"Cricket Australia is responsible for the health of the game at every level, not just the elite competitions, which is why we have begun a difficult conversation with our professional players about the way they are paid," Sutherland wrote.

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"The model was created in 1997, when players were poorly paid, but now our top male players are easily the most highly paid team sportspeople in Australia.

"Our international men saw their payments go up 63 per cent over just the past five years, and our domestic male cricketers (Sheffield Shield and BBL) saw their payments increase by 53 per cent.

"The key mechanism for these increases for the men is a guaranteed percentage of revenue, set at 24.5 per cent but up to 26 per cent depending on various financial circumstances.

"That's revenue before costs, which immediately creates problems for us as a business.

"If CA were to invest $100,000 in a new project and that generates $115,000 of revenue, you would think we would have a profit of $15,000 to invest back into cricket.

"But because the players get a share of revenue rather than profit, they would be entitled to 24.5 per cent of the $115,000, leaving Cricket Australia with just $86,825 of the original $100,000, an actual loss of $13,175.

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"It effectively means that any investment CA makes needs an unrealistic profit of 32 per cent – just to break even.

"This is an untenable situation for any business.

"It should also be stressed that CA is a not for profit organisation, where every dollar we generate needs to be ploughed back in to supporting and growing the game."

To highlight the need for large-scale investment in the grassroots game, Sutherland cited the recently completed audit of sporting facilities throughout Australia undertaken by CA which found that less than 20 per cent of the cricket pavilions across 7,750 city, suburban and regional playing fields currently meet the needs of female players.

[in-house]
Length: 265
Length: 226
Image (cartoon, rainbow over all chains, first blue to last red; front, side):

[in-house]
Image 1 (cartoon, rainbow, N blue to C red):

In addition, he claimed less than 40 per cent of cricket pitches at those venues satisfy the minimum width requirements for pitches "which is really important for developing confidence in young bowlers", and more than half of those facilities do not have adequate nets to support the training needs of a cricket club.

As a result, Sutherland has foreshadowed that overcoming the chronic under-funding of grassroots cricket will require "an investment over time of many hundreds of millions of dollars", and that is why CA is looking to modify the existing revenue share model in the new five-year MOU.

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He also said claims that the revenue sharing is best practice in other professional sports such as America's NBA basketball represented an erroneous comparison because – unlike Australian cricket – the NBA is committed to funding only its national men's and women's competitions.